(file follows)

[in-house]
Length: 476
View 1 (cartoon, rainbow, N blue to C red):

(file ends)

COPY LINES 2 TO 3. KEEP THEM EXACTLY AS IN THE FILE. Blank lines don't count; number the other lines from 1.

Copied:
Length: 476
View 1 (cartoon, rainbow, N blue to C red):